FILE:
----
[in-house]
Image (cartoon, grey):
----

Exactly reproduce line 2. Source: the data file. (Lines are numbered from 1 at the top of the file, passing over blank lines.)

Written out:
Image (cartoon, grey):